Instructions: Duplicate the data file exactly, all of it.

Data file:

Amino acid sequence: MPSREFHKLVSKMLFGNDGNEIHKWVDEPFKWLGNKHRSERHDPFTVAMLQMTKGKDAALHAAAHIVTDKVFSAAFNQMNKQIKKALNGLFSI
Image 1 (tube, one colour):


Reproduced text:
Amino acid sequence: MPSREFHKLVSKMLFGNDGNEIHKWVDEPFKWLGNKHRSERHDPFTVAMLQMTKGKDAALHAAAHIVTDKVFSAAFNQMNKQIKKALNGLFSI
Image 1 (tube, one colour):